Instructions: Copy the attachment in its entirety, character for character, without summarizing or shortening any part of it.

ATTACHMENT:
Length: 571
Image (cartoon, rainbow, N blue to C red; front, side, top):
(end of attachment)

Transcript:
Length: 571
Image (cartoon, rainbow, N blue to C red; front, side, top):